TL;DR: Starting with Firefox 48, Mozilla is shipping its first production Rust code, with more to come!
Mozilla ❤ Rust
It’s hard to believe it’s been almost seven years since Mozilla Research first began sponsoring the development of Rust, at the time little more than an ambitious research experiment with a small but devoted community. Remarkably, despite a long history of inventions and discoveries, Rust’s key principles have remained constant. The Rust core team’s original vision—a safe alternative to C++ to make systems programmers more productive, mission-critical software less prone to memory exploits, and parallel algorithms more tractable—has been central to Mozilla’s interest in backing the Rust project and, ultimately, using Rust in production.
An equally promising development has been the fact that Rust’s safety and modern features are attracting new people to systems programming. For Mozilla, where community-based development is quite literally our mission, widening our circle is vital.
So I’m pleased to mark an important milestone: with Firefox 48, Mozilla will ship our first Rust component to all desktop platforms, and with Android support coming soon.
Building Rust into Mozilla’s media stack
One of the first groups at Mozilla to make use of Rust was the Media Playback team. Now, it’s certainly easy to see that media is at the heart of the modern Web experience. What may be less obvious to the non-paranoid is that every time a browser plays a seemingly innocuous video (say, a chameleon popping bubbles), it’s reading data delivered in a complex format and created by someone you don’t know and don’t trust. And as it turns out, media formats are known to have been used to trick decoders into exposing nasty security vulnerabilities that exploit memory management bugs in Web browsers’ implementation code.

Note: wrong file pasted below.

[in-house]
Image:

This makes a memory-safe programming language like Rust a compelling addition to Mozilla’s tool-chest for protecting against potentially malicious media content on the Web. For this reason, Ralph Giles and Matthew Gregan built Mozilla’s first Rust media parser. And I’m happy to report that their code will be the first Rust component shipping in Firefox. For the Rust community as well, this is a real achievement: Rust code shipping to hundreds of millions of Firefox users. Our preliminary measurements show the Rust component performing beautifully and delivering identical results to the original C++ component it’s replacing—but now implemented in a memory-safe programming language.
More to come!
Many people deserve huge thanks for getting us to this point. Ralph Giles and Matthew Gregan implemented the component, and Nathan Froyd, Nick Nethercote, Ted Mielczarek, Gregory Szorc, and Alex Crichton have been instrumental in integrating Rust into the Firefox build and tooling system and ensuring it can ship on all of our platforms.
Rust itself is the product of a tremendous, vibrant community. None of this work would have been possible without the incredible contributions of issues, design, code, and so much more of Rustaceans worldwide. As a Rustacean myself, I’d encourage you to come play with Rust. It’s a great time to get started, and increasingly, to get involved with a Mozilla project using Rust.
Seeing Rust code ship in production at Mozilla feels like the culmination of a long journey. But this is only the first step for Mozilla. Watch this space!
About Dave Herman
Dave Herman is a Principal Researcher and Director of Strategy at Mozilla Research.